Sara Cwynar is blessed with the gift of arrangement. The Vancouver-born, New York–based 27-year-old sped up the ladder in the graphic design world to get a job at the The New York Times Magazine (along with Bloomberg Businessweek, one of the most coveted spots for a designer) because of her talent at re-seeing and rearranging the familiar parts (headline, subhead, story, photo) into a fresh, make- you-double-take new whole. This past April, she quit to work on her art full-time—“I was installing shows on my vacation,” she says—and the fruits of her decision are on view at a Cooper Cole Gallery solo show in Toronto (Sept. 5–28).
As the title of one of her two books, Kitsch Encyclopedia, suggests, Cwynar is a collector of everyday objects. But, as with her graphic design magic, by reordering the obsolete and ordinary into colour coordinated groupings, she makes it extraordinary. Toy basketballs, thread spools and remote controls, in rich hues of lemon yellow, tropical green or poppy red, became colour-field mirages that make the viewer suspect the items have been spray-painted, or the photos retouched. Plastic figures frequently, like razors or bingo coins. “I’ve always been attracted to the myriad ways that colours are simulated,” she says. “Roland Barthes [describes] in a Mythologies essay how plastic never manages to simulate natural colour; it always fails, and has a distinct, particular plastic-y quality. I think it’s beautiful, this continued failure to accurately represent nature.”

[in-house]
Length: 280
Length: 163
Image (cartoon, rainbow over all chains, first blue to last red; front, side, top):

Cwynar, who has also had images in the Museum of Modern Art and FOAM Photography Museum in Amsterdam, works away in her studio until the mess is prodigious—art supplies spill from under her bed into hallways and burst from cupboards and drawers. Pennies, plastic peaches, elastic bands and other ephemera are collected from her parents’ basement, eBay, flea markets and random neighbourhood junk shops: “The dollar stores here are just monumental.” At least 100 objects, from blue plastic forks to red candles, go into one colossal 3D bouquet she constructed and photographed for her new show. She also plays with reconfiguring pages from photo manuals from the ’50s to the ’90s, asking us to remember and value the discarded analogue process and, by extension, that old version of life itself, which, perhaps, like nature, we can’t capture, much as we try.
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